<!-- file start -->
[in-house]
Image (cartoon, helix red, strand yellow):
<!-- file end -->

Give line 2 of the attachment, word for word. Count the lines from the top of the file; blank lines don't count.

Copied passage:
Image (cartoon, helix red, strand yellow):